Question: Our B2B doesn’t do a lot of marketing but we know we need to. We have a person on staff that is pretty good at marketing stuff. What do you think about having him/her handle our digital marketing?
Last month I had a similar question come across my desk only it was about the potential of using an intern to run social media and content. This time you are asking about the viability of using a seasoned employee to move from another position into a marketing role.
First of all, it is great to hear that your organization is ready to invest further into your marketing efforts. With more and more sales moving from face to face to online, it is critical that companies don’t shy away from investing in their marketing efforts both online and off.
Having said that, let me just say that I find it somewhat concerning that companies are taking the “We gotta guy for that” approach to filling their marketing needs. Not only is it an insult to the entire profession of marketing, but it is really a sign of indifference about your business.
When I discussed the risks of an intern running your social media and marketing I talked about putting your brand in the hands of someone who doesn’t fully understand the power they are wielding. Of course with time and energy that person can be developed to be more than proficient, but to be thrown into the role is not a great plan. This is similarly true with an experienced person that has worked in admin, operations or sales. With the rapidly changing environment of marketing, you can’t just read a few books and take over the marketing department and expect good things to happen.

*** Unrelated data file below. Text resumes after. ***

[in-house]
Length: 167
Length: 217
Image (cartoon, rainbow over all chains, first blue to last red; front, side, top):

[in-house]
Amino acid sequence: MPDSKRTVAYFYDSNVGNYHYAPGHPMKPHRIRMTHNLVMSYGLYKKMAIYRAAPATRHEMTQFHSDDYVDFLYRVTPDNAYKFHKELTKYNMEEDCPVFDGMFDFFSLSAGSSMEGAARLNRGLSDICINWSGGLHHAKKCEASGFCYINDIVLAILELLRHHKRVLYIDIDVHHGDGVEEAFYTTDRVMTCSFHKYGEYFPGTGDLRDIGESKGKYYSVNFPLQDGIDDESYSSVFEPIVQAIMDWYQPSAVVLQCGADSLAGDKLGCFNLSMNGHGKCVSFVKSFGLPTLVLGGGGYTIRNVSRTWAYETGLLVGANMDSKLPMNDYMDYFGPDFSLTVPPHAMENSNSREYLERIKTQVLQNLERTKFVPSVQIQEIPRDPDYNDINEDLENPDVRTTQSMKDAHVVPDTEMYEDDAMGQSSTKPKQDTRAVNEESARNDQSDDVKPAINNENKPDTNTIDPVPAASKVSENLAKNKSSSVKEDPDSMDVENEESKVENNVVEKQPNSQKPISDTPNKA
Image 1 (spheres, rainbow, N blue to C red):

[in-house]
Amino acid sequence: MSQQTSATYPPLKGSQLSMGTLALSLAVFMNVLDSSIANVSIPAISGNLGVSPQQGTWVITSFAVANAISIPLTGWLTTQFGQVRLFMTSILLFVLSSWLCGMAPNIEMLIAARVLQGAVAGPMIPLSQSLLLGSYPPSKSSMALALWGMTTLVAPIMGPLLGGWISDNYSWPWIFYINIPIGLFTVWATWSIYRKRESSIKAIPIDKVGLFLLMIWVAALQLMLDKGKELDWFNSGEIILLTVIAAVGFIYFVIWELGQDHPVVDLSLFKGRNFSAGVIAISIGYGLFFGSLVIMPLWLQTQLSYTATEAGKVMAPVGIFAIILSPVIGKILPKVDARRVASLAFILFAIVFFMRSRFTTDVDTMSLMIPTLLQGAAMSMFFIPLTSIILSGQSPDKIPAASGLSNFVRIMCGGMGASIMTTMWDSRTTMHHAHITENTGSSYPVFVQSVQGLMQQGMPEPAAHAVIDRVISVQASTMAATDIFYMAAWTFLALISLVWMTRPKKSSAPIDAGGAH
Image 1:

Between digital and traditional marketing there is so much to know and with social, content and community evolving at breakneck speed, there is simply too much to know and too much at stake to just throw someone int the role. I asked this before and will ask it again, would you take a hard working sales person who likes accounting and make them your controller? Because this is more or less the same as taking someone and just making them your marketer. Especially considering marketing may touch more people than any other position and may have a more lasting impression on your clients and potential clients than any other item you invest in.
Much like the example of the intern, when it comes to throwing a person into marketing, it is important that you don’t just assume that their talent in something else will make them an effective marketer. More times than not, that just isn’t the case. But it doesn’t mean they can’t learn in time with the right mentorship and education. Just make sure you respect your brand and your business enough to not just let anybody control your brand message.
Ask yourself this: Who are we allowing to drive the strategy and execution behind our brand?
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